Monday, December 31, 2007

A tale of two bookstores - Crossword and Landmark

When I started as a serious 'serious book reader', I had only one resort - Crossword - to satiate my appetite for reading. I was young and I was relatively less knowledgeable about many things/subjects in life. The two things I had were curiosity and a past full of collecting magazines and story books. Wayne W. Dyer's "The Erroneous Zones", which I picked up from a second-hand roadside book reseller, got me initiated and from then I was regular at Crossword.

Starting with typical self-help-cum-psychology books I drifted towards reading more cross-disciplinary books. The more I read, the more I found Crossword inadequate for my tastes but I somehow managed to stay loyal until the time I went to Bangalore for some official work. I landed in Landmark for the first time and it definitely seemed to have more titles than Crossword. However, Landmark wasn't present in our town and that led me to look for books online. That's when I became a customer of (now called And they've got some darn good business from me.

Tired of shopping (not really shopping, it's the waiting period) books online, I started visiting Crossword again. On a couple of occasions when I again didn't find the desired titles, I visited Landmark and bingo! I got the titles I was looking for. Yesterday again, I visited Landmark and got all the stationery and titles that I wanted but couldn't find in the local stores or Crossword.

Landmark is a category killer in books, stationery, music, toys and movies and certain gifting items. Crossword, though just a bookstore (at some stores stocks toys too) doesn't have the depth in its inventory. Looking at the store evolve all these years, it seems that Crossword just stocks the popular or run-of-the-mill bestsellers. Crossword is bent on increasing the number of its stores (it has a total of 45 stores nationwide) instead of the number of titles at its stores. Landmark on the other hand, has been relatively slow - it has only 9 stores nationwide - but stocks a great number of titles which makes it a great bookstore destination.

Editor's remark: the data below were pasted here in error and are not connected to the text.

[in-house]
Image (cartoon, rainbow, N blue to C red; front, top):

If the two bookstore brands keep to their strategies, Landmark will evolve to become the category-killer in books while Crossword will go on to be perceived as a corner bookstore with a collection of popular books. Who'll win? Landmark's depth in inventory will definitely appeal to amateurs (aspiring to build an image of serious reader) as well as bibliophiles (serious readers and book collecters). Any doubts? I don't have any.

Online Indian bookstores might outdo both. Search for the right book on, then visit and order for the book; you'll get it cheaper.

Friday, December 28, 2007

Celebrity brand – Mr. Perfection, Aamir Khan

Watching Taare Zameen Par was an experience par excellence. What was the movie about? A little child’s struggle to grapple with dyslexia and as a consequence, with his problems at home and school. The child’s in deep trouble when his new art teacher comes in and helps him achieve the unthinkable; of course, by making him explore his unusual abilities in a suitable manner.

That’s been Aamir Khan’s success mantra through out his career. There have been diversions every now and then, but more or less he has achieved success with one formula – depict achievement of victory in adverse circumstances. Adverse circumstances often in a very specific context, often unforeseen, often compelling enough for a drastic and definitive measure.

Let’s go back to some of his earlier successful movies:

Deewana Mujh Sa Nahin – fighting all resistance to win the love of a woman who’s a big star

Jo Jeeta Wohi Sikandar – victory in a cycle race for which he prepares and participates in a very short time in lieu of his injured brother